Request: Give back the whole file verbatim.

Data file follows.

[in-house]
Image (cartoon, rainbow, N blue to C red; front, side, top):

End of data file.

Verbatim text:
[in-house]
Image (cartoon, rainbow, N blue to C red; front, side, top):